Because there’s so many downsides for the dogs, for the use of resources, for everybody concerned of housing dogs in institutions, in effect about is, you know, it’s I mean, the analogy to you know, having parentless children in in orphanages as opposed to in loving foster homes is not a bad analogy.
Arin Greenwood: That’s so important. And also you just did my job for me of bringing up thank you very wonderful, you mentioned Human Animal Support Services at the end of your paper. As a positive advancement, we were of course, really thrilled to see that and I, I can you tell me how you think that the HASS movement and the community-centered sheltering, animal services movement fits in with your other research and findings.
Janis Bradley: Um, I think that it’s, it would be well, for shelters to consider the resources that they’re using on testing and remediation that might be that might be better used on supporting foster programs for dogs who are in the system at the moment. And supporting owners who are who are considering relinquishment, and looking at the kinds of practical support services that they that they can use.
And by this, I don’t necessarily mean behavioral support services at all. Sometimes it might be, but much more commonly, it’s very practical services like, like, access to veterinary care, and, and, and dog food and help with fencing and those kinds of things.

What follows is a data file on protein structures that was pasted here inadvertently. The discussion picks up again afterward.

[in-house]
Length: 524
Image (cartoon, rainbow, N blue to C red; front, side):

And then on the other hand, on the other end, having support available for adopters, when they have questions, when they when they have questions and need either either assistance with resources, or have actual actual advice on on how to live with a dog, I think those are the places where, where the resources of all of these institutions can do the most good for dogs and for people.
Arin Greenwood: I love this. I mean, your your work is just so tremendously important and looking at actual data and how this should influence our practices and and our thinking so, you know, we don’t have enough data in animal welfare and animal sheltering, generally, I think, where do you see the big holes right now and what will you be looking into next?
Janis Bradley: We’ve been throwing around some ideas and they aren’t even coherent enough to share at this point, in terms of shelters collecting data, I mean, the, the old the old LOS. You know, the old length of stay metric is not a terrible metric by which to, you know, to look at, at shelter success. And people you know, if they’re there are sometimes concerns about that, but if you paired it with some kind of follow up, you know, to verify the you know, how well the adoptions stick and then to to continue some some research and other settings.
That that Gary Patronek did with with some with with another researcher, oh, my mind has gone blank in, in Arizona, they looked at they looked at at a couple of 1,000 records of adoptions and adoption returns. And and discovered that adoption returns were not a disaster for the dog, the dog, the dogs, almost all of them went out again, successfully and quickly, more quickly than them then the first month.